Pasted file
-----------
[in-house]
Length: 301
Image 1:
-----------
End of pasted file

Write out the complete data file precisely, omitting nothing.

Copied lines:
[in-house]
Length: 301
Image 1: